Junior Willis by Richard Natale

Junior Willis by Richard Natale
Publisher: Untreed Reads
Genre: Romance, Historical, LGBTQ
Rating: 3 Stars
Reviewed by Astilbe

The journey from self-loathing to self-acceptance takes Midwesterner Tom Larson through the Korean War, pre-Castro Havana and, finally, Hollywood, where he is befriended by the elusive and charismatic Junior Willis and must decide whether he’s prepared for genuine commitment.

Romance comes in many different forms, and some of them will gently sneak up on you if you allow them to.

Living in the closet was necessary for survival in previous generations, and it’s still the only option for some members of the LGBTQ+ community today. Some of my favorite scenes were the ones that showed the emotional toll this took on Tom and Junior. As friendly as many of their friends and relatives were, neither of these protagonists could ever be entirely sure how those folks would respond if they knew that Junior and Tom were both attracted to men. The descriptions of the steps they took to avoid arousing any suspicions were just as interesting as the passages that showed what happened when some of their loved ones were accidentally given peeks at a subculture heterosexual people knew almost nothing about back then.

I had trouble keeping track of all of the characters in this novella. Many of the people Tom and Junior met during their lives were only mentioned in passing, and the ones that stuck around weren’t always developed well enough for me to recall who they were when they were mentioned again later. It would have been helpful to either have more information about the personalities and backstories of the folks the main characters met or for the narrator to focus on a smaller supporting cast in general.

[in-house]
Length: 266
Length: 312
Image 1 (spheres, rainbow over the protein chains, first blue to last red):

One of the other themes of this tale that I loved had to do with how Tom’s past affected his daily life as he left his 20s behind and settled into stable habits and a good job. Attempting to heal is difficult, especially for someone who was facing such high stakes and who only had a small number of people in his inner circle he could be his true self around. A memory might be decades old but still feel as fresh as the day it was made. I don’t want to share any spoilers about how Tom approached his difficult memories, but they did make me want to learn more about him. He demonstrated a great deal of courage in these moments. That is an admirable thing to do without a doubt.

Junior Willis was a thought-provoking and encouraging read.

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